Signal Hill: Wind, Prayer, Home

Signal Hill: Wind, Prayer, Home

Signal Hill: Wind, Prayer, Home

One of my very favourite places on Earth is Signal Hill in St. John’s. For those of you unfamiliar with this place, imagine a hill. A very high hill. A very high, steep hill. Now add rocks. Lots of rocks. Lots of big rocks. Rocks you can climb over. Throw in some cliffs. Not just little cliffs…the if-you-fall-over-you-will-die variety of cliffs.

Now picture a castle-type tower atop of the hill. Not your Once Upon a Time fairytale type of castle, but a sturdy, industrious, I-have-a-job-to-do castle. It’s still pretty, but functional.

Close your eyes and imagine standing on this hill. Oh, I should add that it’s likely windy. And I’m not talking a refreshing gentle breeze here. I mean the hair whipping in face and sticking to your lip gloss kind of wind. A wind so strong that if you actually climb to the very top of Cabot Tower and go outside, you may have trouble opening (or closing) the door.  (True story: When I was a youngster, there were days when my mother wouldn’t let me out of the car at Signal Hill for fear I’d blow away…)

Open your eyes. On one side of the hill sprawls the city of St. John’s before you, stretching out for miles and miles, and showcasing its now iconic (but once secret) pops of colour.

On the other side of the hill is the vast Atlantic Ocean, peppered with cliffs jutting out at various angles.

This is nature at its most raw.

This is Signal Hill.

Growing up in the St. John’s area,  I spent so much time standing atop this hill. From Sunday afternoon drives with the folks (sometimes I was even allowed out of the car) to long chats about life, love, and post high school plans with friends as teenagers. Whether walking around the area or parked…I spent a lot of time looking. Just looking. And thinking. And being.

And I think that is why this place is so special. It doesn’t pretend to be more than it is. It’s just there, as it’s always been,  in a here I am, take it or leave it manner.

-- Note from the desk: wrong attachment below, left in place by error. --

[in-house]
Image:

And it is simply glorious.

Returning to the Rock on various trips back, one of the highlights for me has been to introduce this place to my husband and children. The awe in their faces is something I cannot quite capture on camera or in writing (tho I try), and it reminds me that, yes, this place that is so very familiar to me is spectacular and worthy of the awe it inspires and creates.

On a recent trip back, I took a few moments  to wander around Signal Hill by myself.  I looked down over the city landscape, noting all the places that had once been a part of me—pockets of my youth that, while no longer are, are still very much stained into the uniform of me.

I then turned and gazed out into the frigid Atlantic Ocean and thought about how much of my very being is made up of water. Not just biologically (that, too), but the culture of water. From the songs and stories I know as intimately as prayer to the rules associated with it. I need water to live. To quench my soul. But I also have deep respect for water…I know its limits, its boundaries, what it accepts, and what it will chew up and spit out in a heartbeat. You don’t mess with this type of water.

I tried once living in a place where I couldn’t see the ocean…it didn’t go well for me.

As I stood there, the wind whipped around me, causing my ponytail to cover my eyes, temporarily blocking my view. I closed my eyes and listened. And in the strain of that oh-so-familiar wind, I could hear the tune of my childhood.

I could hear home.

My husband told me once that there are places that centre us. Actual physical places that call some of us more than others, for whatever reason. We feel connected and grounded when our feet touch the soil of these places, and Signal Hill is certainly that for me. It’s not lost on me the symbolism here…one side showcasing the rugged nature of the cliffs and ocean, a nature that has been there thousands and thousands of years and is hearty, refusing to budge even when the sea throws itself against it (quite the metaphor for life, isn’t it?) …the other side, is present-day St. John’s,  “modern” but also steeped in so much history, it can’t totally embrace that word. In the middle stands Cabot Tower, which is actually a new edition to the hill, having only been built in 1897.

Like the hill, I, too, have history in this place. I may have moved away, and I may often feel torn between the two Islands I call home, but right there, in that moment, the wind and the ocean and the city spoke to me. They told me that I was home. That this place would always be home. That I have a history and a presence here. That it didn’t matter how many months had passed since this very same wind tore through me or how many more months would pass before it would, once again, envelop my whole being, threatening to knock me sideways…it would be here, waiting. For me.

 

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